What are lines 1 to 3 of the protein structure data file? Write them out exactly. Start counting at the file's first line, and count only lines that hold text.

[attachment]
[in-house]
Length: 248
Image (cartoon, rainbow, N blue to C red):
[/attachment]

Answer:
[in-house]
Length: 248
Image (cartoon, rainbow, N blue to C red):